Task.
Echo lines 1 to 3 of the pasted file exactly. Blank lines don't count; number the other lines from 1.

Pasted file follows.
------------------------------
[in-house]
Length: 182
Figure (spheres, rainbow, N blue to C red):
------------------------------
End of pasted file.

[in-house]
Length: 182
Figure (spheres, rainbow, N blue to C red):